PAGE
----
"Roman Candle" turns 20: Secrets of Elliott Smith's accidental masterpiece (slideshow)
Elliott and the friends with whom he recorded in middle school in Texas (photo courtesy of Dan Pickering)
Pharrell recently gave a head-scratching interview to BBC’s Channel 4 News where he expanded on his views on feminism, demonstrating why there’s still a long way to go in the mission for gender equality even among its allies.
The singer and producer is clearly conscious of social injustices — in fact, he endorses Hillary Clinton as a potential presidential candidate because he’d “love to see a woman run the country.” He explained to interviewer Krishnan Guru-Murthy:
“Historically this world has been run by a man, and what would a world be like if 75 percent of our world leaders and prime ministers were female? What would that world be like? We do not know because we haven’t given it a shot. We’re too busy telling them what they can or can’t do with their bodies. Or we’re too busy, you know, not allowing them to make the same amount of money that a man makes.”
Sounds pretty feminist, right?
Except that when the “f-word” came into play, Pharrell distanced himself from it:
“I’ve been asked if I’m a feminist. I don’t think it’s possible for me to be that. I’m a man. I mean… it makes sense up until a certain point, you know? But I do support feminists. I do think that there’s injustices, there’s inequalities that need to be addressed.”
It’s clear that Pharrell holds feminists — people who believe in equal social, political and economic opportunities among the genders — in high regard. Feminism isn’t a scary, politicized, dirty word to him like it is even to some women. But what does Pharrell mean when he says, “it makes sense up until a certain point” for a man? That “feminism” is “feminine”?
Although feminism is about gender equality, there is sadly still a debate over whether a man can be a feminist. One possible reason otherwise feminist men might distance themselves from fully embracing the word is that it challenges, by definition, conventional ideas of masculinity. And even the most liberal men might give pause at having to rethink their own roles within society, too. As the ever-insightful Ann Friedman wrote in the Cut last year, how we define masculinity is changing, and that has created lots of confusion among men:
What’s striking isn’t the lack of consensus on what defines masculinity now, but the utter confusion about how to go about doing so. That’s because America is finally getting around to having the conversation about what it means to be a man that, decades ago, feminism forced us to have about womanhood. Women still face social consequences when they don’t conform neatly to gender norms, but many of even the most ideologically progressive men are just now starting to talk about how to break with masculine stereotypes and still hang onto a sense of gender identity…And much of that confusion can be traced back to the fact that we’re still adapting to an expanded definition of what it means to be a woman.
So despite his best intentions, Pharrell also reinforces gender roles. When the discussion turned to “Blurred Lines,” a song that literally ignores a woman’s right to consent by assuming that all of them “want it” because a man says so, the singer failed to see why it bothered so many people. “Is it sexually suggestive when a car salesman says to a person who’s trying to buy a car, ‘I know you want it’?” he asked Guru-Murthy, presenting a tone-deaf, faulty analogy.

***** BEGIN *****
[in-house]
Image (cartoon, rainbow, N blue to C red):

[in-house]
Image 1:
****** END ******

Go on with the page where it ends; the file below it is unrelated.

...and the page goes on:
“Does that make it off-limits for me to use ["I know you want it"] in a song, especially when the overarching context is that there are good women who also have bad thoughts?” Pharrell asks. “If a good woman can have sexual thoughts, is it wrong for a man to have a correct guess that a woman might want something?”
Here, a “good woman” is chaste and nonsexual and her “bad thoughts” are simply thoughts of sex. But when you flip the script of the song, a “good man” is what, someone who is respectful but also a sexual being? (In the interview, Pharrell calls Guru-Murthy “a good man.”) And his “bad thoughts” are borderline violent: “I’ll give you something big enough to tear your ass in two,” is a “bad thought” that T.I. gives voice to in the song. Furthermore, that men can have a “correct guess” implies that men know what’s better for women. Pharrell’s entire explanation for the song reinforces the depressing gender stereotypes of men as sexually ravenous beasts and women as demure, helpless little things who don’t know what they want and need a dude to explain it to them.
Pharrell is articulate and informed about social inequality. But the next step — and possibly, the hardest step — in creating social change for him and other artists will be to examine how his own work falls short of making the same statements that he so ardently makes in person. Or, at the very least, own up to it in person.
Prachi Gupta is an Assistant News Editor for Salon, focusing on pop culture. Follow her on Twitter at @prachigu or email her at email@example.com.More Prachi Gupta.
Heatmiser publicity shot (L-R: Tony Lash, Brandt Peterson, Neil Gust, Elliott Smith) (photo courtesy of JJ Gonson photography)
Elliott and JJ Gonson (photo courtesy of JJ Gonson photography)
"Stray" 7-inch, Cavity Search Records (photo courtesy of JJ Gonson photography)
Elliott's Hampshire College ID photo, 1987
Elliott with "Le Domino," the guitar he used on "Roman Candle" (courtesy of JJ Gonson photography)
Full "Roman Candle" record cover (courtesy of JJ Gonson photography)
Elliott goofing off in Portland (courtesy of JJ Gonson photography)
Heatmiser (L-R: Elliott Smith, Neil Gust, Tony Lash, Brandt Peterson)(courtesy of JJ Gonson photography)
The Greenhouse Sleeve -- Cassette sleeve from Murder of Crows release, 1988, with first appearance of Condor Avenue (photo courtesy of Glynnis Fawkes)